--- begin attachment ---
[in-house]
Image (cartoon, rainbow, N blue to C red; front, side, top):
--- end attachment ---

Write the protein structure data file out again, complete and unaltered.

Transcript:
[in-house]
Image (cartoon, rainbow, N blue to C red; front, side, top):